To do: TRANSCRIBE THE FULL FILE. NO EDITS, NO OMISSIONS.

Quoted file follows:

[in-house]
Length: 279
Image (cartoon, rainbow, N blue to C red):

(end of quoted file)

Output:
[in-house]
Length: 279
Image (cartoon, rainbow, N blue to C red):